[sic] Magazine

Albums of 2017 – Steven L Minurka

arielpink_dedicatedtobobbyjameson

1) Ariel Pink: Dedicated to Bobby Jameson

This album made me a fan. I knew of Pink for a while but never dove into his work, and this ride of sound really took me by surprise. It didn’t move me like Mount Eerie or impress me like Alvvays, but I felt a surge of excitement and curiosity with this release. With that said, things like that are why I love music so much, and probably why this is my favorite.

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2) Mount Eerie: A Crow Looked At Me

I wasn’t aware of this artist until Danny Brown praised his work. I certainly wasn’t prepared for this heavy album of loss and what remains of it, but it is a powerful yet-simple piece of work that ensures resolve despite grief.

3) Tyler, The Creator: Scum Fuck Flower Boy

Perhaps the most mature work Tyler has released. He hasn’t abandoned his radical charm, but it certainly has grown into something I really have enjoyed.

4) Courtney Barnett & Kurt Vile: Lotta Sea Lice

Maybe I’m being a little biased at this point, but this was a great album. I’m worshiping much of whatever Barnett is releasing and I’m a fan of Vile. Seeing them collaborate on this warm piece of work is something I cannot go against.

5) Kendrick: DAMN.

Probably my favorite artist of this generation, I always find myself coming back to this album months after release. While I don’t think it is on par with Lamar’s previous album, this release is certainly an enjoyable one.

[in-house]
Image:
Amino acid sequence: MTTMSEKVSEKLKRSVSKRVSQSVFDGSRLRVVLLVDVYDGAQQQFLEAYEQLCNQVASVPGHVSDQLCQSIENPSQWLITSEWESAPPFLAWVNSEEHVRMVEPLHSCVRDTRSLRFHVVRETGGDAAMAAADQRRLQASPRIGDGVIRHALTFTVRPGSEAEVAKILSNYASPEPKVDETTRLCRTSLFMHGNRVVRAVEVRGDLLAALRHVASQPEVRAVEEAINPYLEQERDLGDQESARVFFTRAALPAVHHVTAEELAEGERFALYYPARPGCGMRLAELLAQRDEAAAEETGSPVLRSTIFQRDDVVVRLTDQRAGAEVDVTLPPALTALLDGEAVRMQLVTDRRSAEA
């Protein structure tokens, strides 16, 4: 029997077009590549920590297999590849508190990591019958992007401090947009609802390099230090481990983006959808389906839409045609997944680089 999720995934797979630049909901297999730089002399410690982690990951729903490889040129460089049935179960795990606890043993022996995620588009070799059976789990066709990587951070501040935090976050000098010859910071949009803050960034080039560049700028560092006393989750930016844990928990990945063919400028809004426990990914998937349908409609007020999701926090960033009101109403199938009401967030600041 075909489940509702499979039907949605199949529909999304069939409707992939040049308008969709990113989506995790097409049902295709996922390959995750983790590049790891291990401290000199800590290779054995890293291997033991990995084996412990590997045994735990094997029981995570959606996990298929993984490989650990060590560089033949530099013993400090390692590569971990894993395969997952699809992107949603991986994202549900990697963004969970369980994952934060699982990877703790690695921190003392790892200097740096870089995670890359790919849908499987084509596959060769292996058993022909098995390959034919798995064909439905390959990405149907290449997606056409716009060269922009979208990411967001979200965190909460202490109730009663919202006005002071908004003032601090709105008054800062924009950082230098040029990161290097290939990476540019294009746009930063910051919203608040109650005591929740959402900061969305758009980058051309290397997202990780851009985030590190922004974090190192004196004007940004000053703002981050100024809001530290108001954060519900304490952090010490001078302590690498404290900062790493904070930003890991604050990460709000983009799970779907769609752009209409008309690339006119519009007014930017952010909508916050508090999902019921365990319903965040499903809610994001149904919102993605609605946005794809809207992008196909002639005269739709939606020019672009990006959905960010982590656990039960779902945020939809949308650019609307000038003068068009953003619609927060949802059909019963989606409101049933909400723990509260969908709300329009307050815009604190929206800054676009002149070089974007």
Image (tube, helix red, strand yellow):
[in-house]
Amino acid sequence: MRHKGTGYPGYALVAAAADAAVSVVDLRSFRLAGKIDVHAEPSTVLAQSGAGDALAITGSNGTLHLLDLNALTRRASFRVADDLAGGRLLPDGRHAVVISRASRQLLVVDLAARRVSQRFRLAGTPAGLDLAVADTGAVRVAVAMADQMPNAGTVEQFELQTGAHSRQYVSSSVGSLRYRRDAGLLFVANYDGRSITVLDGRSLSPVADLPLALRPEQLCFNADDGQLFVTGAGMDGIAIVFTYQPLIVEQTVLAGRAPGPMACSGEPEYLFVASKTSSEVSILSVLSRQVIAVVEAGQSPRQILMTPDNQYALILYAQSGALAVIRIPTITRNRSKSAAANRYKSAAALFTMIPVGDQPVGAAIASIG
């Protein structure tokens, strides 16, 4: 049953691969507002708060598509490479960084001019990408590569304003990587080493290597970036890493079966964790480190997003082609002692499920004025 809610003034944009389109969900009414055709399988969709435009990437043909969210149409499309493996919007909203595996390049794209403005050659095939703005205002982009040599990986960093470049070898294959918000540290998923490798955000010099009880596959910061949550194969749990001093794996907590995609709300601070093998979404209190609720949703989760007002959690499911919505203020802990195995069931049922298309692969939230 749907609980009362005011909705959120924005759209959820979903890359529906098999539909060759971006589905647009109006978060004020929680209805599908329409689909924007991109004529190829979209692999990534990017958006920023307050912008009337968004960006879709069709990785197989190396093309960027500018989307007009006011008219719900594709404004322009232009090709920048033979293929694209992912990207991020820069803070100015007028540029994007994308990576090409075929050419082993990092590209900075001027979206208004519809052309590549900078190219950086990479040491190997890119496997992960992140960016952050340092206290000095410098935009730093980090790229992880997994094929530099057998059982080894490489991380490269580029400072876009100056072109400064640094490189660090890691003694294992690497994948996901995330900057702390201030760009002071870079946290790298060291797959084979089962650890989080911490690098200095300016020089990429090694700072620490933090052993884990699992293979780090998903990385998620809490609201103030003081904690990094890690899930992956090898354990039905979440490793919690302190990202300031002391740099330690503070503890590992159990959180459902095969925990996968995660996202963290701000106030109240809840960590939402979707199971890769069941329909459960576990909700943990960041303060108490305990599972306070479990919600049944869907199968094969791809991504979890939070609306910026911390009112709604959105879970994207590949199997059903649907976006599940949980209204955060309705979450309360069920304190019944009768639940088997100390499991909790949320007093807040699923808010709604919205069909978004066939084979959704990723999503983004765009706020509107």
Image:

6) Slowdive: Slowdive

Like with many bands that dissolve and return some years later, I was concerned that this album wouldn’t do much beyond satisfying nostalgic fans and fulfilling the shoegaze scene. Fortunately I enjoyed this album, and hopefully they’ll make more music for the time being.

7) Novellis: Kenjutsu Under The Moonlight

A beautiful tribute to lost family and friends, all the while bringing in some great beats and continued depth from someone who deserves more exposure. (This includes Clear Soul Forces)

8) Alvvways: Antisocialites

I was worried about this album being a mere retread of their debut, yet I’d be lying if I said I wasn’t impressed. The group definitely grew to their strengths and it really shows on this release.

9) Guided By Voices: How Do You Spell Heaven

A shorter and far more cohesive record than August By Cake, although more to the absurd sound of what makes GVB such a force of nature.

10) At The Drive-In: Interalia

While they are far from reinventing the wheel with prior releases from The Mars Volta, Sparta, and Antemasque, I enjoyed this album for whatever it is worth.

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